Thai tourism sector calls for delay of new 300-baht tourism fee

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President of the Thai Hotels Association Marisa Sukosol Nunbhakdi said the government should put off the fee until at least 2023 as the sector has to rebuild itself because of the impact of Covid-19 while President of the Tourism Council of Thailand Chamnan Srisawat said he likes the idea of using the fee to develop the travel industry and added that the funding mechanism should be more clarified.

There have been some mixed responses from people in the Thai tourism sector since the new 300 baht tourism fee was launched. The majority said they can’t find a benefit from it for now.

President of the Thai Hotels Association Marisa Sukosol Nunbhakdi said the government should put off the fee until at least 2023 as the sector has to rebuild itself because of the impact of Covid-19. She said it is possible that the fee can cause a psychological impact on tourists, especially those who travel as a group and travelers who cross borders multiple times.



Mrs. Marisa said the idea of using the tourism fee to maintain and develop tourism sites is advantageous, but it is not for now because the country will lose out.

President of the Association of Thai Travel Agents Sisdivachr Cheewarattanaporn said the new tourism fee may worsen travel confidence following the suspension of the Test & Go scheme and the current outbreak of Covid-19. He said it is better to enforce the fee when Chinese tourists start to come back.


President of the Tourism Council of Thailand Chamnan Srisawat said he likes the idea of using the fee to develop the travel industry. However, he said the funding mechanism should be more clarified.

Recently, the government had to suspend the fee collection until April, from its original start this month due to the Omicron spreading.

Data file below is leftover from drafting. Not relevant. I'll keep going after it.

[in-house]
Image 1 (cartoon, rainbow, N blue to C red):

Government spokesperson, Thanakorn Wangboonkongchana said fee collection was delayed because the tourism sector has not recovered yet and Omicron is expected to impact all sectors including tourism during the first quarter of this year.

He added the new entry fee will be collected from foreigners entering Thailand by air, land, and sea.



According to Thanakorn, the scheme is part of a 20-year national strategic plan to sustain and stabilize the national economy. The fee will be transferred to the Tourism Transformation Fund managed by the Tourism and Sports Ministry. It will also be used to cover tourist insurance. Tourists will receive benefits worth 1 million baht in case of death or a minimum of 500,000 baht for medical expenses.

The fee will be added to plane ticket prices for visitors entering via airplane.

The Tourism and Sports Ministry reported that Covid-19 caused a severe impact on tourism confidence, and the tourism fund should set aside a budget for state agencies to look after tourists affected by the pandemic.



Mr. Thanakorn said it is expected that if tourists were mainly from Europe or the US, arrivals were estimated at 5 million this year. This figure can be added to about 7 million if arrivals also come from India.

If China allows its citizens to travel abroad in the second half of the year, arrivals in Thailand could reach about 9 million this year.

Moreover, the total arrivals can be as many as 15 million if Thailand reopens its borders with Myanmar, Laos, and Malaysia for travel.



Meanwhile, the tourism and sports minister, Phiphat Ratchakitprakarn, said his ministry has held discussions with most airlines that provide service to Thailand. An agreement may be reached to include the fee in their plane ticket prices by March.

The minister said for land transport, tourists will be encouraged to pay the fee via an app before crossing the border. However, foreign workers crossing borders on a daily basis will be exempt.


He said the fee will not affect travel sentiment as the government has publicly discussed the policy since last year and many countries also have such an entry fee.

The tourism fee is expected to generate at least 1.5 billion baht this year from 5 million tourists, of which 1.25 billion would be allocated to tourism sites to upgrade services, such as building accessible facilities for people with disabilities and building public toilets. (NNT)